There are also findings of focal deficits in
verbal and visual memory, attention, speed of cognitive processing, and
executive function. Few studies have employed neuropsychological tests to
detect focal deficits (9,34). In a quantitative review by Depp et al.
of 24 studies that report result from objective cognitive testing in homeless, with
a sample of 2969 homeless adults, the pooled estimate for the frequency of
cognitive impairment was 25,4%; additionally 6 studies used neuropsychological assessments
with results on average, below the mean in the normal population, and most in
the impaired range (21). Results from the HOPE HOME study showed that
25.1% of participants (N=343) scored in the impaired range on the 3MS (Modified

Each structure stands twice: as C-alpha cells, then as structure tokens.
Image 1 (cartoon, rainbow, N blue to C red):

Mini Mental State Examination). These prevalence are three to four times higher
than the reported in population more than 10 years older (35).
It is well known that all
cognitive domains are important to have an independent life, however as it was
mentioned before, with the dysfunction of some of them there could be consequences
that impact in the ability to have and maintain proper housing. These are
memory and executive function.